For my Friday off, I did not make any plans with anyone, except for a round of disc golf in the evening. Most of my spare time is consumed with 'have to's, so I decided to fill this particular Friday with 'want to's.
I did a few things that people who come to Copper Harbor can enjoy: picking chokecherries (almost two gallons in under an hour!), riding a bike to and around the town, eating lunch at the Harbor Haus and taking time to talk with a few friends. Not too shabby, hey?
All the while I was doing these things, I watched the kayakers on the lake. That would be so nice, I thought. Then I saw more of them. I do wish I was out on the water. Yes, I want to go kayaking. It really was a lovely idea, but there was one little problem. I don't have a kayak.
You may or may not have read my post two summers ago about how I practiced for Isle Royale by paddling in a huge aluminum canoe with a kayak paddle. It took me an hour to paddle two miles. And I still had to paddle back! Smart.
Well, today really took the cake. I no longer have a canoe, but access to a 14 foot aluminum boat. I could just tool around in that, Smart Amanda told herself. Sure, sure. I can take this kayak paddle apart and use it as an oar. I also have this tiny life vest meant for a 3-year-old that I can just in case. Maybe I'll make it to Porter's Island! That's not so far.
I was able to get that boat into the water all by myself. I hopped in and shipped out. The water was calm, with a breeze from the south south east. A beautiful day to be out on the water.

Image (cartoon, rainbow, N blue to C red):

By the time I actually paddle out from my house, Porter's Island looked miles away (really almost a mile). Whew, at least I realized that was an impossible task before I got half way out there. I paddled out a little way and stopped to bask in the sun. Ahhh. Just what I wanted.
When I looked around me again, I realized I was floating farther from home. That wasn't a big deal, but this boat that weighed at least as much as me was not going to be too easy to bring back home with half a paddle against the wind. So I paddled to a shallower area to drop anchor.
After producing quite a bit of sweat, I made it to a place to drop anchor. Since you probably worry about me when I do smart things like this, I will not even tell you how smart I was with this process. I concluded that I would not leave the anchor in the water. That way, I would not flip the boat. Oy.
But I couldn't just sit and float without drifting farther away, so my leisurely tool in the Harbor turned into a heck of a workout. Against the wind, I paddled back to my house.
Here is where I really felt smart. I watched objects on the lake floor as I paddle with all my might. They weren't really moving. I watched the houses along the shore. They were going nowhere as well. I realized, as I used my core strength, my arms and that stinkin' little paddle, that I was wasting a lot of energy. Good thing I didn't have any plans to be on time for.
I'm not much of a swimmer, but I could have back-floated faster I paddled that boat. If the water wasn't so cold today, I would have pushed or pulled it some how back to my house. Oh, if any of my neighbors saw me, I hope they had a good laugh. I probably looked real intelligent out there -- going no where while using all my might.
I did accomplish my goal of being on the water, however. I also know that I will never take that boat out again by myself. I'm too smart for that.